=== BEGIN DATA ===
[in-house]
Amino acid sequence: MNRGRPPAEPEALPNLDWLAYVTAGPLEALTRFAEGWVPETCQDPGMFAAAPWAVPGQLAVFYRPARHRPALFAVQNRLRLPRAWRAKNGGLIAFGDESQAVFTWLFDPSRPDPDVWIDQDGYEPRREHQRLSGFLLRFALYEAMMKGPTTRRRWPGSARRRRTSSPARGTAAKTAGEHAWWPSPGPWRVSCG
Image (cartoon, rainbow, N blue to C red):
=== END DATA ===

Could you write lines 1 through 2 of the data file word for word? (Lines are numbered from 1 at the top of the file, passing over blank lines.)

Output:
[in-house]
Amino acid sequence: MNRGRPPAEPEALPNLDWLAYVTAGPLEALTRFAEGWVPETCQDPGMFAAAPWAVPGQLAVFYRPARHRPALFAVQNRLRLPRAWRAKNGGLIAFGDESQAVFTWLFDPSRPDPDVWIDQDGYEPRREHQRLSGFLLRFALYEAMMKGPTTRRRWPGSARRRRTSSPARGTAAKTAGEHAWWPSPGPWRVSCG